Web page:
An employer who is struggling financially uses the trust fund taxes as a source of hard currency, much like it would if granted a bank loan.  An employer hopes the use of the trust fund taxes would defuse a business crisis or at least keep the business afloat until brighter days (entrepreneurs always see a brighter tomorrow).  The problem is the IRS is not a lender and did not voluntarily give the employer the money —and certainly has not granted the employer authorization to use the trust fund taxes.

The IRS is typically aggressive in collecting the trust fund taxes.  The IRS can intercept tax refunds, lien, levy, seize, and exercise other collection tactics.  Seizure of the corporation’s asset could terminate the business.  For example, what would a restaurant owner do if the president arrived at the restaurant one morning to find the IRS had seized all the tables, chairs, refrigerators, freezers, etc.? Panic of course!

So what is the corporation to do?  Call its lawyer of course!  But there is only so much a lawyer can do in such an emergency.

The corporation is generally not in a position to repay the IRS the full amount of the trust fund taxes in a quick lump-sum payment so that the assets are returned.  Lawyers can contact the IRS and try to negotiate an installment agreement or an offer-in-compromise— but that takes time and the IRS would be in no hurry to relieve the taxpayer’s pressure by returning the assets.  An emergency bank loan would be nice, but that is not realistic because of the pending tax obligation and the fact that the restaurant is not operating since the IRS seized the tables, chairs, refrigerators, freezers, etc.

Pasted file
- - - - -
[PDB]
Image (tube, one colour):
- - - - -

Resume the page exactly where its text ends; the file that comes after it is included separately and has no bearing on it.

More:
So bankruptcy becomes the obvious solution.  Chapter 13 is not available because the tax debt is owed by the corporation and Chapter 13 is available only to individuals.  Chapter 11 is a great option. Filing the Chapter 11 bankruptcy case would grant the corporation with the “automatic stay” protections of the US Bankruptcy Code.  The attorney would contact the IRS to negotiate a return of the assets for the company’s promise to pay adequate protections payments to the IRS going forward.  If negotiations are unsuccessful, then the court should rush to the courthouse to file an adversary proceeding to force the IRS to return the assets… again, the company would have to provide the IRS adequate protection.  But at least the company could return to regular business operations.

Some clients ask if the taxes could be discharged by filing Chapter 7 bankruptcy without the need to pay any adequate protection payment to the IRS. The answer is NO.  That strategy was tried by a convenience store operating in Senatobia, Mississippi in the case of In re Sarfani, Inc., 527 B.R. 241 (Bankr. N.D.MS 2015).  In Sarfani, the company attempted to discharge unpaid sales taxes collected from customers as “trust fund” taxes.  The court rejected the company’s attempt to discharge the taxes because Sarfani, Inc. was a corporation and Chapter 7 bankruptcy discharges are only available to individuals (human) and not corporation, partnerships, LLCs, LLPs, trusts, etc.  11 U.S.C. §727(a)(1).  So, Chapter 11 would be the best bet.